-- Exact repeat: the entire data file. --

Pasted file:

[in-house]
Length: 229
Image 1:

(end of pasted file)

[in-house]
Length: 229
Image 1: